151Re: [webanalytics] Re: Pricing of Analytics Solutions (was: Any Info on Pilot Software?)
- Jul 29, 2004Mary,
I think you may have missed the essence of Jarid's point. Of course
each vendor has different expenses/overhead/etc., how could they not?
The cost of doing business in Provo is very different than costs in
places like New York, San Diego, San Francisco and Portland.
Regarding technology choices and ASPs, it is my understanding that
there are more and less expensive deployments of analytics
infrastructure but even for "expensive" deployments the costs are
decreasing year-over-year, thus bringing the bottom-line for each of
the top-tier vendors closer together.
My take on Jarid's comment was more an expression of concern about the
volatility of pricing in the market today, and yes, I do agree with
you that to some extent you pay what you're willing to pay (what you
can negotiate). However, when does the rampant discounting cease and
stabilization re-emerge into the analytics marketplace? Given the
extremely competitive landscape that some of the nice folks that
follow this discussion are forced into I try and be sympathetic -- of
course you want to win high margin business, that only makes sense.
Still, again considering competitive pressures, one is sometimes
tempted to tell companies prospecting for analytics solutions to
either tell the vendor "you're leaning towards a competitor" or wait
to the end of the quarter and hope they're short on their number --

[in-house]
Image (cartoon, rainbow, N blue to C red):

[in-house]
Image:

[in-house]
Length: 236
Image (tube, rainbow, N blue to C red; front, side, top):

horrible advice for everyone involved, but it may be the surest path
to the best price. This is, after all, why people shop for cars at
the end of the year.
Speaking of cars, would you be comfortable knowing that because your
neighbor was more "popular" than you are (e.g., had a better known
brand) they paid 50% less for the same car with the same features?
Would you be happy knowing that simply because your neighbor was more
seriously considering a competitors car than you were, that they paid
30% less to own the vehicle year-over-year-over-year?
If you would be, can I sell you my car? ;-)
A chief concern in companies of any size looking at analytics
solutions is always price. Isn't it reasonable to expect some type of
stabilization in price as features also begin to stabilize? I know, I
know ... the feature "war" is far from over ... but isn't it fair to
expect that vendors will develop reasonable "list" pricing based on
market demand and competition and stick to that pricing to a greater
extent than we see currently? At my day job I keep track of vendors
who are dodgy with pricing - those who are well-known to dramatically
drop prices to win business - and I have a tendency to look at those
who shift pricing dramatically as "less stable". One of the best
"customer win" case studies is always the "we won the business on the
same terms at a higher price" which demonstrates A) that the vendor
has limits on discounting and B) they vendor has done an excellent job
conveying the value proposition associated with their